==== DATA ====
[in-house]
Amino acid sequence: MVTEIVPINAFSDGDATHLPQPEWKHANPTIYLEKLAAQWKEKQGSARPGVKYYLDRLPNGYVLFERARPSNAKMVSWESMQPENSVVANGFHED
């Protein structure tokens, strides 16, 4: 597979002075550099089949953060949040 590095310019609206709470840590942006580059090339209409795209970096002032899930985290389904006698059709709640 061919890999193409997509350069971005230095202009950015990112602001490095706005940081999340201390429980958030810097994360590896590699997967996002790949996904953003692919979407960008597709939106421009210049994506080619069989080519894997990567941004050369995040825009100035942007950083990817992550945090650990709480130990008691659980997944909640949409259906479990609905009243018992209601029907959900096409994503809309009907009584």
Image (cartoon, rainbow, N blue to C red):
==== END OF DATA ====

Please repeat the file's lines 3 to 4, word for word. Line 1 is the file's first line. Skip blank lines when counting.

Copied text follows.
């Protein structure tokens, strides 16, 4: 597979002075550099089949953060949040 590095310019609206709470840590942006580059090339209409795209970096002032899930985290389904006698059709709640 061919890999193409997509350069971005230095202009950015990112602001490095706005940081999340201390429980958030810097994360590896590699997967996002790949996904953003692919979407960008597709939106421009210049994506080619069989080519894997990567941004050369995040825009100035942007950083990817992550945090650990709480130990008691659980997944909640949409259906479990609905009243018992209601029907959900096409994503809309009907009584």
Image (cartoon, rainbow, N blue to C red):